Klinges recalled that "the helicopter headed down-wind to search (for Hobley), but after about a half-hour it returned." "The helicopter then hung about 300 yards off of us, you could tell they were trying to decide how to get us out. I worried they might not be able to get to us. I just tried to relax and hang onto the hull.
"I told myself, 'I am not going out like this,'" Klinges said. "I was just not willing to go anywhere."
After 10 hours in the liquid torrent, the rescue came suddenly.
"All I could see was water. My eyes were completely blood-shot from the salt and wind, and then all of a sudden a mask popped up right in front of me.
"I got to say, those Coast Guard guys are the baddest human beings around. They are awesome."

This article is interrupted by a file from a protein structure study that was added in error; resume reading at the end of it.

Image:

By the time Klinges was aboard the helicopter and in route for King Edward VII Memorial Hospital in Bermuda, he was suffering from severe hypothermia and exhaustion.
"I hadn't slept in close to 60 hours and hadn't had water in 15 or 16 hours," Klinges said.
Klinges remains in stable condition, and doctors continue to closely monitor his progress. Severe hypothermia coupled with dehydration can lead to renal, or kidney, failure, a life-threatening condition.
Upon his release from the hospital Klinges says he'll be headed back to Philadelphia to see his family. "I think my mom needs to see me for a while."
Despite the intense nature of his trial off the coast of Bermuda, Klinges said the ordeal did not turn him off to sailing or the ocean.
"When I get myself back together I am going to try and make it down to Saint Thomas for a while. I need to relax."